A bundle of Zales diamond rings. Source: Signet Jewelers.

What: Shares of Signet Jewelers (NYSE:SIG) rose as much as 15% on Thursday morning before settling down closer to a 12% gain around noon, all on heavy trading volume. The jewelry retailer reported second-quarter results in the early morning hours, posting earnings 11% above Wall Street's consensus targets.

So what: In the second quarter, Signet's revenues rose 15% year over year to $1.42 billion. Adjusted earnings jumped 20% higher, landing at $1.28 per diluted share. Analysts would have settled for earnings of $1.15 per share on $1.38 billion in total sales.

Same-store sales increased 4.2%. The Zale division, acquired for $1.4 billion in the spring of 2014, posted particularly strong same-store improvements and even more impressive growth in more recently opened locations.

Looking ahead, management set third-quarter earnings guidance roughly in line with the current analyst view.

Now what: For a company that tends to post earnings within a couple of pennies of the Street consensus, a $0.13 beat is big news. And it was done with Signet's twin growth engines humming along in tandem.

The Kay Jewelers and Jared flagship brands posted predictably solid sales improvements, averaging approximately 7% higher sales year over year. Meanwhile, the smaller but faster-growing Zale brands posted 57% higher revenues overall, despite a 4% currency headwind to Zale's operations in the British Isles.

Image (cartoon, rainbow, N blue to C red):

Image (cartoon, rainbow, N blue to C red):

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Zale's fantastic growth comes at a price, of course. The division barely posted a profit in the second quarter, with a minuscule 0.5% net margin. Excluding Zale, Signet's net margin was a far juicier 9.9%. The growth-driving expenses are not going into new store openings, but into heavy marketing campaigns and sales staff training programs.

"The integration of Zale continues to go well, and we have begun to see the benefit of net synergies positively impact our operating results," said Signet CEO Mark Light.

Signet shares may look pricey, trading at 26 times trailing earnings. Investors pay a premium for the retailer's strong sales growth, and the Zale buyout is starting to pay dividends. Analysts expect Signet's business momentum to continue through the next five years, making the stock look relatively affordable in a long-term perspective.

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